Swami’s father walks through town, ashamed of himself as he moves toward the Sarayu river. He is planning to look for Swami’s body in the water and feels ridiculous doing so, but he also feels unable to return home without finding news of his missing son. Swami’s mother and grandmother are at home, “dazed and demented” with worry about Swami.
The sudden shift to Swami’s father’s perspective marks one of the only times that the narrative strays from a close focus on Swami himself. This section is particularly notable because it shows the humanity of Swami’s father in a newly immediate way, letting the reader see the emotional, vulnerable side of his character that had previously been hidden.
Swami’s father thinks back to earlier in the evening, when he had not yet been worried about Swami and had only gone looking for him to “please his wife and mother.” He checked Swami’s school, as well as Rajam’s house, and was unable to find Mani’s house. He returned home after an hour without news, which made Swami’s mother and grandmother even more nervous. Eventually, their worry began to rub off on him and he became convinced that something had happened to Swami. Granny seemed to blame him for Swami’s disappearance, but he thought back over his actions during the day and couldn’t think of anything that would have driven Swami away. He went out again, leaving his wife crying at home.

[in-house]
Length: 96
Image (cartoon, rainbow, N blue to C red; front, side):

Swami’s father’s confusion over the role that he himself might have played in Swami’s disappearance points to a key moment in the changing relationship between Swami and his family. At this point, it’s unclear even to Swami’s father whether or not he is his son’s protector. As Swami moves beyond the reach of his family’s safety in the book’s final section, his father’s sense of his own identity becomes as fragile as Swami’s.
Swami’s father considers checking the hospital, but thinks that he is not brave enough to see Swami injured if he is indeed inside. Instead he goes toward the river, praying and wondering what he will do if he does find Swami’s body in the water. However, he sees nothing but shadows on the water and proceeds to the railway station. He walks along the rails for about a mile and finds nothing, stopping once to see whether a wet patch is blood. When he finds that it is water, he thanks God.
The final phase of this chapter highlights Swami’s father weakened state, as he finds his own bravery lacking. Furthermore, his sincere fear that he may find his son drowned or dead on the train tracks illuminates just how dangerous Swami’s world has become; he is still a child in some ways, but he is now fully subject to all of life’s dangers, as well.